Most of what we perceive and experience can be more accurately characterized as being “along for the ride” on a wave of relationship dynamics that occur on many scales, including molecular scales which are driven by the trillions of microbial life forms that live in and on us. In other words, we do not experience things due to what’s going on solely in our head, we experience things that stem from any number of sources known and unknown for which we manufacture what is in our mind a plausible explanation for those experiences.

Our capacity to produce plausible explanations is the real talent of our brain – producing things that are useful, but not necessarily things that are accurate. These explanations are inaccurate at best and often miss the mark completely, yet they produce a convincing picture, leaving us embraced in the comforting delusional cocoon of beliefs that may serve us, but do not correspond to the reality of the situation. Here is a small glimpse at the real world we so rarely get a glimpse of with our minds:

http://neurosciencenews.com/gut-bacteria-emotion-7013/

What is Important?

This video is a perspective on what’s important.

Here is a text of the narration:

What is important?

What is important? How would we measure it, and how would we know the measure was accurate? Although there are many possible ways, if we use a scale of things that have the most profound influence on our ability to realize our full potential, and use that to measure what we currently apply our energies to as a global culture; we can see the gap, the gap between what’s important, and what we do.

Somewhere in our not so distant past, on some day we couldn’t pinpoint because we weren’t watching, we crossed a critical threshold. We crossed the threshold where we no longer live in a world where people starve because we can’t feed them; we now live in a world where people starve because we don’t feed them. We have the skills and resources to make this a plentiful world, but we do not yet have the focus, nor the will – to do what’s important.

We have the capacity to cultivate a world brimming with potential – potential that can only be realized if we have each other’s backs. Instead we live in a world where, acting out of fear, we have to watch our backs – a world where we have to defend ourselves from ourselves. Maybe we don’t recognize this is the recipe for self made poverty – maybe we are suffering the echo of our collective traumatic past, where a veil of ignorance forced us to be at the mercy of a frightening and often cruel environment, and as a result, we learned to exploit each other, to dominate, or be dominated… This is a past we need to navigate away from if we’re going to cultivate our full potential. Until we do this, we will continue to rob ourselves of what’s important.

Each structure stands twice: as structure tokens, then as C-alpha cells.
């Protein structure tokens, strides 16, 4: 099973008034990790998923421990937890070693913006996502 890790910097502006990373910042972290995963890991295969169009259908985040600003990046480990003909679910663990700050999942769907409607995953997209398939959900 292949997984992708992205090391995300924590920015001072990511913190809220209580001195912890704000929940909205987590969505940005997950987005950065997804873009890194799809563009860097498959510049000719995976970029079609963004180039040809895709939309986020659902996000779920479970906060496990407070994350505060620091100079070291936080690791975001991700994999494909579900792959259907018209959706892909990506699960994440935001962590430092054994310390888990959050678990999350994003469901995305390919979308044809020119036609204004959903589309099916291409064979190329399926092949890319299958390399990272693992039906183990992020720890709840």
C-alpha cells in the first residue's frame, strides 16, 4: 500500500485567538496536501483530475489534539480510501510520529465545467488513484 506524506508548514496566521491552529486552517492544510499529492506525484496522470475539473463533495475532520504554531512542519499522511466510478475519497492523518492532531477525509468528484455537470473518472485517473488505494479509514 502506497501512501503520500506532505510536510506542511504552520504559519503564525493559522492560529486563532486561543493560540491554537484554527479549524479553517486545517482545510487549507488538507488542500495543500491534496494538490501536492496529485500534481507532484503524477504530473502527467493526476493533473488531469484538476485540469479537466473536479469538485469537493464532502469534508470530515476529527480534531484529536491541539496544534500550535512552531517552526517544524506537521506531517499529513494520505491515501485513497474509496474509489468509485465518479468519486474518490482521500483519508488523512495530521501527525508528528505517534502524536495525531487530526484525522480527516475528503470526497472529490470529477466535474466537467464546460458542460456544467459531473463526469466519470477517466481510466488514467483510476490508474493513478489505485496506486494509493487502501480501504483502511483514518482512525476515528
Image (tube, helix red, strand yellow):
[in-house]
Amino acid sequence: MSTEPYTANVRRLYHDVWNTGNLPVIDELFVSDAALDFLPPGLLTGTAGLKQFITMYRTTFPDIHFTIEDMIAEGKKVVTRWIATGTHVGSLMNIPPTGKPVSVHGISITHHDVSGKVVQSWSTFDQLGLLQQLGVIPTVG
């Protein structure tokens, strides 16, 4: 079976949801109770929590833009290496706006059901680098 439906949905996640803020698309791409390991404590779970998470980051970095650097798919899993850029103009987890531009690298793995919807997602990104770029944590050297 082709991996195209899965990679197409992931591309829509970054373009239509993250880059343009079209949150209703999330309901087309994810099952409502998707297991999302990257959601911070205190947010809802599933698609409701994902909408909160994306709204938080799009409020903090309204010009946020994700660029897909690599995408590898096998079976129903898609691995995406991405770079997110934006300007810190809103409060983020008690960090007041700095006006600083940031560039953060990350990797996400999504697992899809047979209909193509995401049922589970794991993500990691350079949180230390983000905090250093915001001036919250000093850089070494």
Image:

What’s important is you – the family, who shapes the lens through which the child understands reality by the way you treat them and each other. You forge their developing identity in the fires of the relationships you expose them to, and this defines whether that fire will refine them, or destroy them. You are the port from which the child launches, and you define what that child will be equipped with to navigate the wider social seas, and how they will influence those they touch – for the rest of their lives. You are what’s important.

What’s important is you – the teachers, who have the wheel that steers the future as you pass the torch of knowledge to the next generations. You’re not merely an installer of facts, but a primary cultivator of the tools that will determine whether we will capably face the challenges that lie before us, or sink under their weight. You have a powerful hand on the rudder that steers this Earthen ship of ours through sometimes troubled waters. Together with the family, you set the tone for the direction we will travel. You are what’s important.

What’s important is you – the friend, who doesn’t have to be asked, but actively seeks to offer your best. Your behavioral vocabulary doesn’t include apathy. You willingly act on behalf of your friends – ready to deliver a comforting word, a helping hand, or a stinging challenge depending on the need – your purpose remains constant – to serve each other. You have a powerful hand in the stability of this Earthen ship in which we all ride. And your aid through the storms, and companionship in fair weather, makes this journey we’re all on worthwhile. You are what’s important.

What’s important is you – the stranger, who may not be familiar with those in other ships that pass by, but know that they are full of kindred kinds – you who understand that it takes all of us, communicating through actions big and small, that we’re in this together, that we share the same waters – and that sharing what we have of value with each other is the reason for the abundance we have. You are the one that opens the door without being asked – you don’t hesitate to act to strengthen the larger community of life on which we all depend for breath because you know you are part of that same body. You are what’s important.